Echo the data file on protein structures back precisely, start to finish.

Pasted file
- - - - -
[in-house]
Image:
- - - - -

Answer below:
[in-house]
Image: